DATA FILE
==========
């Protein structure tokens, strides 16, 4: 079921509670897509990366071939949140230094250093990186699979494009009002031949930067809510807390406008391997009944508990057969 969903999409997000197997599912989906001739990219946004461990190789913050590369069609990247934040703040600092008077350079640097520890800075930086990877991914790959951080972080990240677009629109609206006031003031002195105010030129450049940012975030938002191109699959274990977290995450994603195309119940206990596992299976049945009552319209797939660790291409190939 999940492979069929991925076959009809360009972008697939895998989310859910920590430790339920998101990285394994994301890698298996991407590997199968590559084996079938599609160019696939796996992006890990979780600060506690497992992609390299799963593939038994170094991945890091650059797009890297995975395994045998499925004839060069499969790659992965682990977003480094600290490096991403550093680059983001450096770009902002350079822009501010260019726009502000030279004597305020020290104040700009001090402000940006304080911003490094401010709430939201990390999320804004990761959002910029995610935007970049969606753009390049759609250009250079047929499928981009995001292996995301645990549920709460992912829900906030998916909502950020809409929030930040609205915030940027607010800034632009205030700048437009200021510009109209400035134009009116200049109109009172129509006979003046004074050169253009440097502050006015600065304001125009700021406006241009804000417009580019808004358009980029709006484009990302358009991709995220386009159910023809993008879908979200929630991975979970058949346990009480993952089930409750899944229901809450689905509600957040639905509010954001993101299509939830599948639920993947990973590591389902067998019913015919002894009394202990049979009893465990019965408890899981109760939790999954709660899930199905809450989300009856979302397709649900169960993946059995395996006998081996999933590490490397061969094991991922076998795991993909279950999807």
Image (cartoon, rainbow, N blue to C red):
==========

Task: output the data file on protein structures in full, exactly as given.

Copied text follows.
């Protein structure tokens, strides 16, 4: 079921509670897509990366071939949140230094250093990186699979494009009002031949930067809510807390406008391997009944508990057969 969903999409997000197997599912989906001739990219946004461990190789913050590369069609990247934040703040600092008077350079640097520890800075930086990877991914790959951080972080990240677009629109609206006031003031002195105010030129450049940012975030938002191109699959274990977290995450994603195309119940206990596992299976049945009552319209797939660790291409190939 999940492979069929991925076959009809360009972008697939895998989310859910920590430790339920998101990285394994994301890698298996991407590997199968590559084996079938599609160019696939796996992006890990979780600060506690497992992609390299799963593939038994170094991945890091650059797009890297995975395994045998499925004839060069499969790659992965682990977003480094600290490096991403550093680059983001450096770009902002350079822009501010260019726009502000030279004597305020020290104040700009001090402000940006304080911003490094401010709430939201990390999320804004990761959002910029995610935007970049969606753009390049759609250009250079047929499928981009995001292996995301645990549920709460992912829900906030998916909502950020809409929030930040609205915030940027607010800034632009205030700048437009200021510009109209400035134009009116200049109109009172129509006979003046004074050169253009440097502050006015600065304001125009700021406006241009804000417009580019808004358009980029709006484009990302358009991709995220386009159910023809993008879908979200929630991975979970058949346990009480993952089930409750899944229901809450689905509600957040639905509010954001993101299509939830599948639920993947990973590591389902067998019913015919002894009394202990049979009893465990019965408890899981109760939790999954709660899930199905809450989300009856979302397709649900169960993946059995395996006998081996999933590490490397061969094991991922076998795991993909279950999807």
Image (cartoon, rainbow, N blue to C red):